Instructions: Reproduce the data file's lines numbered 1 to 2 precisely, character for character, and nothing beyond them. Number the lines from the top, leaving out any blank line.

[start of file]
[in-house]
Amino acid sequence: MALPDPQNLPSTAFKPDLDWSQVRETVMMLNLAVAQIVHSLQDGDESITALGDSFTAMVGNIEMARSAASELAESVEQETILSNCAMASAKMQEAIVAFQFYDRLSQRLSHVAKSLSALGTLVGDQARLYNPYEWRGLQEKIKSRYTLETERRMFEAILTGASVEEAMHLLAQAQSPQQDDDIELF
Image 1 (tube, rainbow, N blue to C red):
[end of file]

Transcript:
[in-house]
Amino acid sequence: MALPDPQNLPSTAFKPDLDWSQVRETVMMLNLAVAQIVHSLQDGDESITALGDSFTAMVGNIEMARSAASELAESVEQETILSNCAMASAKMQEAIVAFQFYDRLSQRLSHVAKSLSALGTLVGDQARLYNPYEWRGLQEKIKSRYTLETERRMFEAILTGASVEEAMHLLAQAQSPQQDDDIELF